- Robin Williams’ suicide is being manipulated as an opportunity to push more ‘treatment’ as usual. I can’t even begin to count the number of times I’ve seen comments on-line from people saying, “I hope news of Robin Williams’ mental illness will go viral, if it will mean that more people get treatment,” or, “If only he’d been on medication, he’d still be alive…” Most of them don’t quite realize the potential harm they’re doing or the mythifying misinformation they’re spreading. And then there’s the standard cast of characters – people like Tim Murphy – who are wholeheartedly, knowingly and opportunistically jumping on his death to push forward their force-laden, rights violating agendas. Let’s make no mistake, here. People are using the death of a man who claims to never have even been formally diagnosed to push mental health ‘treatment’ on countless individuals in spite of the fact that said ‘treatment’ seems to be leading to even earlier deaths than Williams’ own, skyrocketing disability rates and overall poor outcomes. Perfect.
I don’t want to minimize Robin Williams’ death. It is awful (though, no more or less awful than most any other suicide). He was an undeniable talent, and at least seemed like an overall good guy. His family must be devastated and they are more than entitled to their grief (and privacy). Yet, his death should not be used to dwarf, camouflage, or distract us from the much broader problems in our culture. It should not be used against his postmortem will to sell more drugs or the concept of ‘mental illness’ (which is, of course, used to sell more drugs).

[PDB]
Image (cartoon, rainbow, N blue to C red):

I cannot claim to know what was going on for Robin Williams, in particular, but suicide does not equal ‘mental illness.’ What about existential crisis? What about sickness and torture and homelessness and joblessness and war? What about pure exhaustion from the monotony of it all? Is it ‘mental illness’ to feel hopeless and want to die when life really is full of pain and loss? Perhaps calling it ‘mental illness’ makes it feel just a little easier and more distant for those on the labeling end of the stick. Perhaps it sometimes lets people ignore the bigger problems in the world, and act like the issue is all self-contained within that single person, their brain run inexplicably amok. Perhaps at least some of this is about the comfort of everyone else.
We make one great and repeated mistake in this society: Assuming responsibility for one another. In truth, I am not responsible for what you choose to do. Suicide prevention is harmful to its very roots for the essence of the assumption it makes about my responsibility to control you. It pushes us toward force in the name of ‘safety’ in the moment, and without any regard for ‘safety’ in the long run. It has no reverence for what ‘safety’ actually even means, and will turn its back on meeting your most basic needs (a place to live, food, a job, human connection) if it perceives its job to be done. Does your life and bodily integrity only matter so long as you’re in my sight? Preventing you from killing yourself does not necessarily make your life any better, even if it makes my life easier and it certainly doesn’t mean I’m in control of any more than the fact that you’re still breathing at this very moment. As one of the individuals in Daniel Mackler’s film, ‘Healing Homes,’ so wisely states: